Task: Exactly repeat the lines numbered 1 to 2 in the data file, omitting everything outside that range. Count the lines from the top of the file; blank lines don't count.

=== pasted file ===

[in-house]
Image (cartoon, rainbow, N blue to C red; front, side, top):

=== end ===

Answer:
[in-house]
Image (cartoon, rainbow, N blue to C red; front, side, top):